When you think of coffee, you think of cafes churning out frothy shakes and hot cups of cappuccino; you don't think of Mughal Emperor Shah Jahan’s old capital and definitely not a Sufi saint who first brought coffee beans to India more than 400 years ago.
As you may have now guessed, India’s coffee connection is the story of ancient trade routes, Sufi saints and our penchant for lounging around and chatting. But the tale of coffee itself begins in Ethiopia, where legend has it that a shepherd in the highlands of Ethiopia noticed that some of his sheep were more alert and active than the rest. He began to observe his flock more closely and found that his ‘hopped-up’ sheep were munching on berries from a certain plant, which was changing their behaviour. Apparently, this is how coffee was discovered by man. It was fine-tuned over time – the seed began to be roasted to perfection – to give us the fine brews we savour today.
While there is no corroboration for the tale of the shepherd in Ethiopia, the earliest reference to people drinking coffee as a beverage comes from Yemen in the Arabian Peninsula, in the 14th or 15th CE. In fact, by now, references to coffee seem to have been popping up across.
Strengthening the Arabian connection is the root of the word ‘coffee’, which comes from the Arabic word qahhwat al-bun. This means ‘wine of the bean’, which is what it was considered, albeit not as intoxicating as the wine of the grape! But there are many similarities – coffee ‘beans’ are actually the pits of a red fruit called a coffee ‘cherry’.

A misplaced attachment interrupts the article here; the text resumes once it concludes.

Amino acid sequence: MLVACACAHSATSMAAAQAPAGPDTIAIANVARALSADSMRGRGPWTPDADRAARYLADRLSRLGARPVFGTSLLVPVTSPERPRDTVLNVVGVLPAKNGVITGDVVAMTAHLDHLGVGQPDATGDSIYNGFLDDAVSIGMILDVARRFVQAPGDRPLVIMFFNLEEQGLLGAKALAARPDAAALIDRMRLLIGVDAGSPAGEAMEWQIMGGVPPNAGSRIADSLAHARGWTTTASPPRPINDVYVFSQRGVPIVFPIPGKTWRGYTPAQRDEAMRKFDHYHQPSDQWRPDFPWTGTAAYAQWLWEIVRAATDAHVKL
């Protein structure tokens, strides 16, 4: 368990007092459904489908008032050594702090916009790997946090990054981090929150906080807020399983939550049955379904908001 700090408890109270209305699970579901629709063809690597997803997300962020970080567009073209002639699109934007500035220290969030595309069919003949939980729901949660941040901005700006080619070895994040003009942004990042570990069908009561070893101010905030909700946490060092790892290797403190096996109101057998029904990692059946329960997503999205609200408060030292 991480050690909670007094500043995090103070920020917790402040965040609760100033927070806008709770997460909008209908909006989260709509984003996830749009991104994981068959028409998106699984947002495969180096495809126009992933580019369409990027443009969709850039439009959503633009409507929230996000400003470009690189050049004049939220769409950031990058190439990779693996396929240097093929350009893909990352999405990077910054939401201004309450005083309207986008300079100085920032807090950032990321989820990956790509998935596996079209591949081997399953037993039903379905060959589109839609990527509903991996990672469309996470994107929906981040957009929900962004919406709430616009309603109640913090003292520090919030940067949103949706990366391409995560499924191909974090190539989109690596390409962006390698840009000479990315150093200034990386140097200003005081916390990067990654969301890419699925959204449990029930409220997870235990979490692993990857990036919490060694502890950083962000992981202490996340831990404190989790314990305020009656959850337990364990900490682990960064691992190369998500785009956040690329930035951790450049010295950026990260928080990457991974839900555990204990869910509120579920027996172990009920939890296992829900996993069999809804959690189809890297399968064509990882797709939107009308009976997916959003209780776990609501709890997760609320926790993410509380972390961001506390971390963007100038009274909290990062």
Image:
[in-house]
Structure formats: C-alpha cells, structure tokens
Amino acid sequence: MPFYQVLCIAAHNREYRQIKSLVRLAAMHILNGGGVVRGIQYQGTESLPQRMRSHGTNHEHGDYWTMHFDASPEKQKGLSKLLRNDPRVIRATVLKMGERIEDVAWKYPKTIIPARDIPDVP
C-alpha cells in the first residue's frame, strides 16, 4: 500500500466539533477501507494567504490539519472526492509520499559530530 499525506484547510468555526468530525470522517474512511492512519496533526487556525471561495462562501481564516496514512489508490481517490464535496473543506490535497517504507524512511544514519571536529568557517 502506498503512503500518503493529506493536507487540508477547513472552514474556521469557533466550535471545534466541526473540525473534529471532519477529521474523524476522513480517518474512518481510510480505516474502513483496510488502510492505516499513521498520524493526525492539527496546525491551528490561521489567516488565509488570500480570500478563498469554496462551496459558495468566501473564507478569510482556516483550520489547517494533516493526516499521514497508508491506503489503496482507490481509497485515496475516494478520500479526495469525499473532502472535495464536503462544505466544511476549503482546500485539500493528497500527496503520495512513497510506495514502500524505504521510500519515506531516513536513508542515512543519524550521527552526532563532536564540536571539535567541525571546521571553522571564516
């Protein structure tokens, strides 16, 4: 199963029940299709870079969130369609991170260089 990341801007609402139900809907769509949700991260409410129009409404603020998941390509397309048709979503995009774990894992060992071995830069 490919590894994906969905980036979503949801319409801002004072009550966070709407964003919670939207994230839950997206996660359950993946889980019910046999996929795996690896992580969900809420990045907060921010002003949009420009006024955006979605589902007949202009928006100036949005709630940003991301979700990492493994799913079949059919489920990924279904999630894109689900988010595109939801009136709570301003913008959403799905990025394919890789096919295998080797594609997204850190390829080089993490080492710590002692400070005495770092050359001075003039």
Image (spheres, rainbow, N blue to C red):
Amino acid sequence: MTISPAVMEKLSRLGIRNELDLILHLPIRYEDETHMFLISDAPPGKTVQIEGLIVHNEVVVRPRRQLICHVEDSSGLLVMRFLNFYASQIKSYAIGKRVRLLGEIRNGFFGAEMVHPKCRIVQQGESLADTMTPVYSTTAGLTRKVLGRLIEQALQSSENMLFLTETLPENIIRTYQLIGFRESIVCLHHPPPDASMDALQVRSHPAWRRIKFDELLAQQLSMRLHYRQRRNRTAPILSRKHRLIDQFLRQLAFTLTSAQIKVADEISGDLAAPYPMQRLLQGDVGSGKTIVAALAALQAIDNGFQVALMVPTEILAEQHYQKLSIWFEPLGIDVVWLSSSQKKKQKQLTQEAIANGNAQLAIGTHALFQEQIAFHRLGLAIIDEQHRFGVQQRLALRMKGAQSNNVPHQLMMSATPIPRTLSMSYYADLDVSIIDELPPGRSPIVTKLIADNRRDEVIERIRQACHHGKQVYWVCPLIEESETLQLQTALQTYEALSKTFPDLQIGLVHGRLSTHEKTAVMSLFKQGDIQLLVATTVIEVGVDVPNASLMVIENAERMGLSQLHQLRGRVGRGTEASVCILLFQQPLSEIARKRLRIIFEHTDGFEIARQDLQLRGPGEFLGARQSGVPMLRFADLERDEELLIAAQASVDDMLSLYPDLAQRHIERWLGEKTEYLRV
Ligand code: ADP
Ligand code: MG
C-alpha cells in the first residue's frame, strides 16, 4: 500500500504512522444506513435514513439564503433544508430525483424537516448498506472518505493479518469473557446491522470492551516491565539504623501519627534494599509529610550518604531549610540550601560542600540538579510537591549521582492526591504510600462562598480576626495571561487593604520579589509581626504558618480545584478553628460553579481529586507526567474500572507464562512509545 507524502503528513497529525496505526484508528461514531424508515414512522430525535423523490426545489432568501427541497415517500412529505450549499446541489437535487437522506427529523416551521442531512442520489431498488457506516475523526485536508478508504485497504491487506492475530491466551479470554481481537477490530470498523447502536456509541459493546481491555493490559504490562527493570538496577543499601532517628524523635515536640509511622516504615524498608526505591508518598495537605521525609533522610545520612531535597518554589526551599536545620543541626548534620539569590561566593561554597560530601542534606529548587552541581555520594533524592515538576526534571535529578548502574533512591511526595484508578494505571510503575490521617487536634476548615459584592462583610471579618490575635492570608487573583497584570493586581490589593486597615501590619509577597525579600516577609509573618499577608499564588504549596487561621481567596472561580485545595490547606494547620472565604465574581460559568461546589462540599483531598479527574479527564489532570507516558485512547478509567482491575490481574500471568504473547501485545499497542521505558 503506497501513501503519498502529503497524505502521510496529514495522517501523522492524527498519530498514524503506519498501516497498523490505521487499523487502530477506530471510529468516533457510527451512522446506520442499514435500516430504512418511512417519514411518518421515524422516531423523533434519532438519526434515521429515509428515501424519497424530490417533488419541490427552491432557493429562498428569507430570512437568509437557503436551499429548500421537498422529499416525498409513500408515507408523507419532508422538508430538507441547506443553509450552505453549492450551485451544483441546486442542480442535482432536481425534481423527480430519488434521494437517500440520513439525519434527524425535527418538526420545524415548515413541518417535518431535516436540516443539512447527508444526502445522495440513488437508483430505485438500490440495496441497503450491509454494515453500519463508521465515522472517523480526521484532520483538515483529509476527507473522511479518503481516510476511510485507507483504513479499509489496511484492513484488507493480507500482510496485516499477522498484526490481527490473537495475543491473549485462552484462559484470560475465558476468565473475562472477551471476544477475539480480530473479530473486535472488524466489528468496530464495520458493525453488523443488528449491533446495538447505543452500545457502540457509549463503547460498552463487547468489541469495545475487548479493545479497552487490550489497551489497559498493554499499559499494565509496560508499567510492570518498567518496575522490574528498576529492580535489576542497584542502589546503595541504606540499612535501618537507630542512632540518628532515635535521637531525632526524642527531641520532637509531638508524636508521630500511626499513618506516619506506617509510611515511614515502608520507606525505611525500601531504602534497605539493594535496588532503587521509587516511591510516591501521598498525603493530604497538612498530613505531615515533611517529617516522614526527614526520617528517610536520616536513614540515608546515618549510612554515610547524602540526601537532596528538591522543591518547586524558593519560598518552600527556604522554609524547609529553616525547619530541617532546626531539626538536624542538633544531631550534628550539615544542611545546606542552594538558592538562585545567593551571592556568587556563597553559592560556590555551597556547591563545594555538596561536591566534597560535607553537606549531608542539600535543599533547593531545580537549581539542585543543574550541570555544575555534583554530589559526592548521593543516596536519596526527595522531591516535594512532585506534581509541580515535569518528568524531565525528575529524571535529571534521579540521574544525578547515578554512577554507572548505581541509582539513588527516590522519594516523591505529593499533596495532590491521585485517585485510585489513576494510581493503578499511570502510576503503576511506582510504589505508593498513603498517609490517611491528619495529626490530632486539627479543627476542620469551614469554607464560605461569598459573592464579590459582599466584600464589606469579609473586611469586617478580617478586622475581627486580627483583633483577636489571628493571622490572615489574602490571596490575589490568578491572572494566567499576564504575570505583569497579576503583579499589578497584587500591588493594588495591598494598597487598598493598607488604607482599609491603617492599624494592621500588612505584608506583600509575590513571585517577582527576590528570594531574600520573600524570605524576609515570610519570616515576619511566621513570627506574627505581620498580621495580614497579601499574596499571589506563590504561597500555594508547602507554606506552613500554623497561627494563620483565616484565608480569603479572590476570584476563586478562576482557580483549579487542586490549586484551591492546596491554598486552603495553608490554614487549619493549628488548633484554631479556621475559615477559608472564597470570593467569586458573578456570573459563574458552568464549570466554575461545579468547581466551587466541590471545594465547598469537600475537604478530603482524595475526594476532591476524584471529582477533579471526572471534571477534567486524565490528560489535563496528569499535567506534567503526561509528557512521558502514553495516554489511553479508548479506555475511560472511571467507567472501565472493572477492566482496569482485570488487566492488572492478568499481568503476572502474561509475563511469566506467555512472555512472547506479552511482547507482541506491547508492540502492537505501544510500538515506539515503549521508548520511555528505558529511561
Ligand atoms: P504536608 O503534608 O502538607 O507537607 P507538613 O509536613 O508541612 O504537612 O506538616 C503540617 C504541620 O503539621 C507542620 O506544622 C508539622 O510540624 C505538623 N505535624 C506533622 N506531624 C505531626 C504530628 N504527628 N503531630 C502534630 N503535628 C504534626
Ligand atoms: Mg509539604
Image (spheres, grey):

So coffee ‘beans’ is incorrect, make that coffee ‘seeds’!
In Arabia, there is mention of roasting and brewing coffee as we know it today in the 15th CE. Later, it is believed that coffee was used by Sufi saints to keep themselves awake during their long religious rituals.
By the 16th century, coffee drinking had spread to the rest of the Middle East, Persia, Turkey and North Africa.
Coffee Comes To India
For the longest time, the coffee plant was so prized that people were not allowed to carry its seeds out of the Arabian Peninsula. The only beans that were allowed to be taken out were roasted and hence sterile i.e. they couldn't be used to grow the coffee plant. This was to ensure that the Middle East retained its monopoly over coffee production, and even the Mughals initially exported coffee from here.